Why These Stocks Started 2016 With The Left Foot

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The first trading day of 2016 was not a very happy one for the main U.S. indexes. The S&P 500, Nasdaq and Dow Jones were all down by more than 2% in the morning hours. Among the stocks driving the declines were Facebook Inc (NASDAQ:FB), Advanced Micro Devices, Inc. (NASDAQ:AMD), Vipshop Holdings Ltd – ADR (NYSE:VIPS) and Fiat Chrysler Automobiles NV (NYSE:FCAU). All of these stocks, especially the last one, experienced considerable tumbles on Monday morning, so let’s take a look into the events that triggered their decline and see what the funds from our database think about them.

But why do we track hedge fund activity? From one point of view we can argue that hedge funds are consistently underperforming when it comes to net returns over the last three years, when compared to the S&P 500. But that doesn’t mean that we should completely neglect their activity. There are various reasons behind the low hedge fund returns. Our research indicated that hedge funds’ long positions actually beat the market. In our back-tests covering the 1999-2012 period, hedge funds’ top small-cap stocks edged the S&P 500 index by double digits annually. The 15 most popular small-cap stock picks among hedge funds also bested passive index funds by around 53 percentage points since August 2012 (read the details here).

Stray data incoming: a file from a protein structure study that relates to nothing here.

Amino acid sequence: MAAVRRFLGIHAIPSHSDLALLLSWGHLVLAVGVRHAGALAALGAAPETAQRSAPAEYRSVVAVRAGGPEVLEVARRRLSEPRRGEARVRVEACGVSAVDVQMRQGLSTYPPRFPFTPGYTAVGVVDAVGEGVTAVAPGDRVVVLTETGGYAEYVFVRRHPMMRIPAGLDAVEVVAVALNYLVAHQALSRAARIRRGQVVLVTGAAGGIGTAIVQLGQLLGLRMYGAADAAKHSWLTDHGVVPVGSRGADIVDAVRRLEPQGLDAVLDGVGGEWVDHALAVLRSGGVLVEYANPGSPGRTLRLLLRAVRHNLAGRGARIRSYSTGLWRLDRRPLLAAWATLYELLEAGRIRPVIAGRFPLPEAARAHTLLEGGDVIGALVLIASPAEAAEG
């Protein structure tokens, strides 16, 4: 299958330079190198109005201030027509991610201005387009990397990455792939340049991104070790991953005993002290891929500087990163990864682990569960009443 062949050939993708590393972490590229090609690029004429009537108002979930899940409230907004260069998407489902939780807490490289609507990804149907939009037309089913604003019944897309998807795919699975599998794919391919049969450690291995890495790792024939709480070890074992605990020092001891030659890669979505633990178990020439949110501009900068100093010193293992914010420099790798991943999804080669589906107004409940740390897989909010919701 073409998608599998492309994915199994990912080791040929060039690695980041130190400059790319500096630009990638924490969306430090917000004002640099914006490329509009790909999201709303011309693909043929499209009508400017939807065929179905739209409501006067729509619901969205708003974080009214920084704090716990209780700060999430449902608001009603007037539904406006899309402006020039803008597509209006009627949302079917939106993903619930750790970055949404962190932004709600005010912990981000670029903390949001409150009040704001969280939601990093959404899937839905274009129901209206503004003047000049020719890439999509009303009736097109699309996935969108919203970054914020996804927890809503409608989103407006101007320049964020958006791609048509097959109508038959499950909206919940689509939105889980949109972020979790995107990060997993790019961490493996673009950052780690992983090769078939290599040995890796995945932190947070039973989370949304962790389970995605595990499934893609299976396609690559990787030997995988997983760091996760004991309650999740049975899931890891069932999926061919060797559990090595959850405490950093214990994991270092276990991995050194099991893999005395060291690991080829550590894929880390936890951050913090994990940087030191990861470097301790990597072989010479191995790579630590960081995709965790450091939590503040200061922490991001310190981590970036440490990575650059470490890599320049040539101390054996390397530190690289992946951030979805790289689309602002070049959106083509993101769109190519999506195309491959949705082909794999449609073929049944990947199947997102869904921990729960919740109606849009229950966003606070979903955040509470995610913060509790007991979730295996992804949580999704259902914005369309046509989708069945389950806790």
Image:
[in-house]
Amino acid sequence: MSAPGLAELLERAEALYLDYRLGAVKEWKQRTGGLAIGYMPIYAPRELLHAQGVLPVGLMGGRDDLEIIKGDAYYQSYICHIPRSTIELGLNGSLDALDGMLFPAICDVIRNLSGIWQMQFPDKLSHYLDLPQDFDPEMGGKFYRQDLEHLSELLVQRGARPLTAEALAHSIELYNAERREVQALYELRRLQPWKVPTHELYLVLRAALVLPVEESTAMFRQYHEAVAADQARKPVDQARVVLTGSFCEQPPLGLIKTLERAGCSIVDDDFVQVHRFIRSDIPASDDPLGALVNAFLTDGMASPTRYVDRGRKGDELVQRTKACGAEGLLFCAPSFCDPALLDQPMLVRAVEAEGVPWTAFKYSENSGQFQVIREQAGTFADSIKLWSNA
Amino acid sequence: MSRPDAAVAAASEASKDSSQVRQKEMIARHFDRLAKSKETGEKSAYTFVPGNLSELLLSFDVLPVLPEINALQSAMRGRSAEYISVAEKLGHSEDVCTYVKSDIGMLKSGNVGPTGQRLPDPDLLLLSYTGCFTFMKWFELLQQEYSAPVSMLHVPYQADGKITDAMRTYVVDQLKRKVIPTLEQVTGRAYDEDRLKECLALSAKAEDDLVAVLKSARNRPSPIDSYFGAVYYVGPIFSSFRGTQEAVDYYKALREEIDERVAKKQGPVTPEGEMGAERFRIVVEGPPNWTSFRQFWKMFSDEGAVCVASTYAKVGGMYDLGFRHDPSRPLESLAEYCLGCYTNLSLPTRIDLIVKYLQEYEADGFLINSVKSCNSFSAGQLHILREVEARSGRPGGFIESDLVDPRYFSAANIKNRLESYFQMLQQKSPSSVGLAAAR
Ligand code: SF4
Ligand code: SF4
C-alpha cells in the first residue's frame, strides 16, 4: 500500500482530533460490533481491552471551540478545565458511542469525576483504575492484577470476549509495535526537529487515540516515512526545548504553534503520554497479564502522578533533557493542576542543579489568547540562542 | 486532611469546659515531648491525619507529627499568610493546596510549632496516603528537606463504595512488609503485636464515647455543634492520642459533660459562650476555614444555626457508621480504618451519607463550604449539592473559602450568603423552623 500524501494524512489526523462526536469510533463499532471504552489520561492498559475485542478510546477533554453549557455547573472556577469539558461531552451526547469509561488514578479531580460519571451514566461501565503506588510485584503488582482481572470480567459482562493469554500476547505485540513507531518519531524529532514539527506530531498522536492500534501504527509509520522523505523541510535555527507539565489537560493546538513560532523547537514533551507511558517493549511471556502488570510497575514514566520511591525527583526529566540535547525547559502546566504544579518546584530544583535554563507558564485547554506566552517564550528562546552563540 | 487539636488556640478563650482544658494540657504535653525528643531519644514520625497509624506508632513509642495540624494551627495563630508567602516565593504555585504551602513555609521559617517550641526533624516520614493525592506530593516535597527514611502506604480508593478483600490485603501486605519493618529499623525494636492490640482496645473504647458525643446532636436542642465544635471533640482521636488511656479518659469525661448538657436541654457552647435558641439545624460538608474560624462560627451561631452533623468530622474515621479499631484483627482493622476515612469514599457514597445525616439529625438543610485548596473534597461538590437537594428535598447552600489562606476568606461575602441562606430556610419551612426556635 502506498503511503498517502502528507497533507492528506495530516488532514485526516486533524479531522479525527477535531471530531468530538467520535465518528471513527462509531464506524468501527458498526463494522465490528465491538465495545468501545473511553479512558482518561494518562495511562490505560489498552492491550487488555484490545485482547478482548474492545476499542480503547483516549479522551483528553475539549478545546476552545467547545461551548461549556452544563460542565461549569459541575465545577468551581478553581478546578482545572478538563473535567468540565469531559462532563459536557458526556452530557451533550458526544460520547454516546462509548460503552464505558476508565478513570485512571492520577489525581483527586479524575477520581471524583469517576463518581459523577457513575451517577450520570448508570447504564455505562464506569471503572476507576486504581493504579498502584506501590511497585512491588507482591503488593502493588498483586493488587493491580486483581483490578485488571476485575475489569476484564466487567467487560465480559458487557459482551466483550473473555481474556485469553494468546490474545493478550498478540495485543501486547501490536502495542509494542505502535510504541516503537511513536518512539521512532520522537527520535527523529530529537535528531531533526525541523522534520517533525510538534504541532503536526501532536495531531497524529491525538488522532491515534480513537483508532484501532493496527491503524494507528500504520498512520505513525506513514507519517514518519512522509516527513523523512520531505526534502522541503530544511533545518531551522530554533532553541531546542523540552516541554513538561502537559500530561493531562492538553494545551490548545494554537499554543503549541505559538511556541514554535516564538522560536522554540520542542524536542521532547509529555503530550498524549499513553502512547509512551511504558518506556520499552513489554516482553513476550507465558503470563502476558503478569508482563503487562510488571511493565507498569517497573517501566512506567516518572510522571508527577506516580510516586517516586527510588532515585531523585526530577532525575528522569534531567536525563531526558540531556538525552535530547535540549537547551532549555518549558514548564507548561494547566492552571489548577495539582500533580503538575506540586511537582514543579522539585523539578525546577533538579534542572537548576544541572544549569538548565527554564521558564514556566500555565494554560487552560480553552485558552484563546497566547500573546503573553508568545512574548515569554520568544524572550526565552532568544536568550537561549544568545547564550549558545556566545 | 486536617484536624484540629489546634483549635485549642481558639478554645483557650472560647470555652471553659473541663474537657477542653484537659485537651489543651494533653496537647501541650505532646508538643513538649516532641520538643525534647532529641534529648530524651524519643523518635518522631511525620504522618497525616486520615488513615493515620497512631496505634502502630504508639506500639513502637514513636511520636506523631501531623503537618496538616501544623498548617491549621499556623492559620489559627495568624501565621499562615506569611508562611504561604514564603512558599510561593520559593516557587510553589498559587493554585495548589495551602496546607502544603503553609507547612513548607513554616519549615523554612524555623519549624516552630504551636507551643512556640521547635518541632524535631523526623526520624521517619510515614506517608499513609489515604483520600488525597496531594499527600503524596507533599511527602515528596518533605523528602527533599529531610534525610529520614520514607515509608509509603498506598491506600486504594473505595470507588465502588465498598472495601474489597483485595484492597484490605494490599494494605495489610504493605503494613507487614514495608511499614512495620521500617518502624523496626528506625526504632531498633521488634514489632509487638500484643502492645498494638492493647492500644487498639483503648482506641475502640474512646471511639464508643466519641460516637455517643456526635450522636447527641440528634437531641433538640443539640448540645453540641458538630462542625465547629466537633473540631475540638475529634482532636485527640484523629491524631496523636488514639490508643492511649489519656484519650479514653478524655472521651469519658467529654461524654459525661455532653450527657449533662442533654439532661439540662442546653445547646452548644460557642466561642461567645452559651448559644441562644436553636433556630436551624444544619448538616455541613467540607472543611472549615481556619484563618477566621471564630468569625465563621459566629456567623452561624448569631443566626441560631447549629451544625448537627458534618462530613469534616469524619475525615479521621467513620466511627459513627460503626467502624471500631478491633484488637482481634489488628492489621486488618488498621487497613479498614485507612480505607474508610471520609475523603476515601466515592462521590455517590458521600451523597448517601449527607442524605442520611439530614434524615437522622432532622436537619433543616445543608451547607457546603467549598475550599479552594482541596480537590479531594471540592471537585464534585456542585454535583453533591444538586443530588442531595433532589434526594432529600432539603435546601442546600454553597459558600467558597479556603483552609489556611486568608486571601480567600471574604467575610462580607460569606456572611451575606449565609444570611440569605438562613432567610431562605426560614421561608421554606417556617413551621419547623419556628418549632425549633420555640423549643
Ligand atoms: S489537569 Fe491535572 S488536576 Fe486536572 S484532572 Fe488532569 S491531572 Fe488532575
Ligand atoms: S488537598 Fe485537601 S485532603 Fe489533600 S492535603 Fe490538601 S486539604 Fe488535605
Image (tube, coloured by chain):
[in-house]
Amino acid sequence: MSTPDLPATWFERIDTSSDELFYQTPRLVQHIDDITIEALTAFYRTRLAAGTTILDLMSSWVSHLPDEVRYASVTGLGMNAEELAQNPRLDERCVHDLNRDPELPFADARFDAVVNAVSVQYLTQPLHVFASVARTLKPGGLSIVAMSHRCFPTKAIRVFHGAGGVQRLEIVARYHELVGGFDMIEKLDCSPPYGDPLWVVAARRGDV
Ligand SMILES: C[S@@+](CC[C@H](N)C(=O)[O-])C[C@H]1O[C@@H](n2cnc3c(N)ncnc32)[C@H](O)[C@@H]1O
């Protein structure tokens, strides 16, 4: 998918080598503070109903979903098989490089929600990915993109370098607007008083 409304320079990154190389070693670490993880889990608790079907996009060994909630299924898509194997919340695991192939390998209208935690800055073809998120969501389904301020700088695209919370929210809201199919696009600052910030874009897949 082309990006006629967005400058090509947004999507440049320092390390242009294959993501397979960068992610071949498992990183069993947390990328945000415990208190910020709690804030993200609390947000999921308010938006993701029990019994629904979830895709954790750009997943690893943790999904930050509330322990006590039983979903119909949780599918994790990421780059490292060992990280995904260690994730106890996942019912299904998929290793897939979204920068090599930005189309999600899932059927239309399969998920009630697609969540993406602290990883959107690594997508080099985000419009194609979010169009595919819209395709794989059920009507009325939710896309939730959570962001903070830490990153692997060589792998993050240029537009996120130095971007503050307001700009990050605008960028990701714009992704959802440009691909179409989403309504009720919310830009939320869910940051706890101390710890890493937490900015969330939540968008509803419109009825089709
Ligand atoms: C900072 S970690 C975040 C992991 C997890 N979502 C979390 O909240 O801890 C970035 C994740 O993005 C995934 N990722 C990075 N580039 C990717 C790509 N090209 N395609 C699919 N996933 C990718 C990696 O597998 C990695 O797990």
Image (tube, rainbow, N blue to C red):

Back to Monday’s decliners, let’s take a look at Facebook Inc (NASDAQ:FB), which was down about 4% in the morning hours. No particular event seems to have caused the tumble, which looked like a part of a wider trend – U.S. stocks in general were trading down on Monday on renewed worries about an economic slowdown and a plummet in Chinese stocks.

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While 2015 was a great year for Facebook Inc (NASDAQ:FB), the number of major hedge funds that disclosed long stakes in the company as of the end of the third quarter of 2015 (128 out of more than 730) was almost 4% lower than in the previous quarter. However, the largest hedge fund shareholder of record, Stephen Mandel’s Lone Pine Capital last declared having increased its exposure by 10%, to 10.7 million shares worth almost $1.0 billion.

Next is Advanced Micro Devices, Inc. (NASDAQ:AMD), which has declined by more than 8% after the company officially presented its new graphics architecture: Polaris. The new 14nm FinFET process based architecture will start shipping around mid-year, but not many details have been revealed yet.

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Also similar to Facebook Inc (NASDAQ:FB), hedge funds are turning their back on Advanced Micro Devices, Inc. (NASDAQ:AMD). According to our database, hedge fund interest declined by more than 36% the third quarter. As of September 30, only 11 hedge funds among those we track disclosed long positions in the stock. Moreover, the two largest investors (excluding options holders), Cliff Asness’ AQR Capital Management and D. E. Shaw both trimmed their stakes substantially over the third quarter, to roughly 1.7 million shares and 307,819 shares, respectively.

On the next page, we are going to discuss the performance of the two remaining stocks.

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